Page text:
Democratic Senate Candidates Differ From Party Base on Court-Packing Plans | Beaufort County Now | David Drucker of the Washington Examiner highlights a key point of divergence between the activist Democratic party base and candidates seeking to unseat Republican Senate incumbents. | john locke foundation, democratic senate, candidates, party base, court-packing plans, october 2, 2020

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Democratic Senate Candidates Differ From Party Base on Court-Packing Plans

Publisher's Note: This post appears here courtesy of the John Locke Foundation. The author of this post is Mitch Kokai.

    David Drucker of the Washington Examiner highlights a key point of divergence between the activist Democratic party base and candidates seeking to unseat Republican Senate incumbents.

  • Democratic challengers in key Senate contests are rejecting court packing, breaking with their party's presidential nominee, Joe Biden, who is dodging questions about his support for expanding the Supreme Court to dilute conservative influence.
  • Liberal activists are calling on Biden to pack the court with more seats if he wins the White House and Democrats seize the Senate. The former vice president refused to take a position on the issue Tuesday evening during his first debate with President Trump. But Democrats running in a half-dozen critical states quickly declared their opposition, exposing an intraparty rift that highlights how large the issue looms in the battle with Republicans for Senate control. ...
  • ... Grassroots liberals are pushing congressional Democrats to retaliate by packing the Supreme Court to reduce a conservative majority that will reach 6 – 3 with Barrett confirmed.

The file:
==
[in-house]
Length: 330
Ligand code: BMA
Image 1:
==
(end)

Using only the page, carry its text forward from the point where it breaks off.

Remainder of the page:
• But Democrats challenging incumbent Republican senators in Arizona, Georgia, Iowa, Maine, and North Carolina are not interested. And Sen. Gary Peters, a Michigan Democrat facing a stiff challenge from Republican John James, also opposes court packing. These Democrats believe the scheme distracts from issues that they argue appeal to voters — that abortion and Obamacare could be ruled unconstitutional, and that Republicans who opposed Obama's 2016 nominee but plan to confirm Barrett are acting in bad faith.
  • "Mark opposes adding justices to the court," said Jacob Peters, a spokesman for Mark Kelly, the Democratic challenger to Republican Sen. Martha McSally in Arizona.
  • Additionally, campaign aides to Jon Ossoff, a Democratic challenger to Republican Sen. David Perdue in Georgia; Democratic nominee Theresa Greenfield, challenging Republican Sen. Joni Ernst in Iowa; Democratic nominee Sara Gideon, challenging Republican Sen. Susan Collins in Maine; and Democratic nominee Cal Cunningham, challenging Sen. Thom Tillis in North Carolina, all confirmed to the Washington Examiner their candidates oppose court packing.


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